No one could explain how J. Douglas Edgar won by record-breaking margins, wrote a visionary instruction book – or died.
From the Golf Journal Archives - Sudden Death
Aug 06, 2011
By Ian Cruickshank
(Note: This article originally appeared in the July 1997 issue of Golf Journal.)
The night of August 8, 1921, started out no different than any other. But as J. Douglas Edgar arrived home late that night, he met a tragic, and fatal, fate. It is certain that he collapsed to the ground and bled profusely, but if he cried for help, his pleas went unheard or unheeded. He died at the scene.
Druid Hills, the Atlanta club where Edgar was the professional, immediately posted a $500 reward for any information leading to the arrest of Edgar’s killer, but no clues were ever discovered. To this day, three quarters of a century later, the person(s) responsible for Edgar’s death, and the details surrounding that night, remain a mystery. What is clear is that on the night, golf lost one of its most colorful and amazing characters.
In the years that have passed since Edgar’s death, his contributions to the game have been buried – unfairly so – deep in golf’s archives. For J. Douglas Edgar was more that a brilliant player. He helped pioneer the development of the modern swing, created golfing slang that is still used today and set a winning margin in championship play that even Tiger Woods will have trouble touching.
To get a sense of Edgar’s rightful place in golf history, all you need to do is check the quotes of the legends who knew him. Harry Vardon once said of Edgar: “This is the man who will one day be the greatest of us all.” In 1960 Tommy Armour wrote an article for Golf Magazine in which he praised Edgar as the father of the modern-day golf swing. “He is one of the many great players I took lessons from,” Armour said, “but he was undoubtedly the greatest of them all and taught me the most.” Bob Jones considered Edgar the man responsible for inventing the inside-out swing and felt that if Edgar’s life hadn’t been cut short, he would have continued to develop innovative golfing ideas.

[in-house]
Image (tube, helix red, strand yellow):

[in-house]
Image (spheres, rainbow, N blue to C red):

John Douglas Edgar was born on September 30, 1884, in Newcastle-upon-Tyne, a coal-fueled, industrial city located in the northeast corner of England. Edgar came from a modest background and left school early for a career as a caddie, eventually working his way up to the post of professional at Northumberland Golf Club. Like the rest of his education, Edgar’s golf game was mostly self-taught and right from the beginning he was unique. Edgar often spoke about being able “to talk to the ball” and loved the sensation of working it any way he wanted. To sharpen his iron play, Edgar invented a drill at the racetrack that adjoined the golf course. There he’d hook and slice his long irons around the turns of the track and with his short irons pitch the ball over and under the rails.
Not a lot is known about Edgar’s days in England, but what’s available comes from the writings of M.R. Phillipson, a member at Northumberland and the man who helped publish Edgar’s golf writings. Phillipson described Edgar as rather stout, small and heavily put together, and of his friend’s temperament he said, “Edgar was a very pleasing companion. Always more apt to be laughing and joking and seldom dour. Edgar played golf with a smile and a jest and lived his life in the same way.”